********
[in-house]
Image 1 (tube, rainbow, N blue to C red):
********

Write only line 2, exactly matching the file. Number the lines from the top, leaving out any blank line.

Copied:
Image 1 (tube, rainbow, N blue to C red):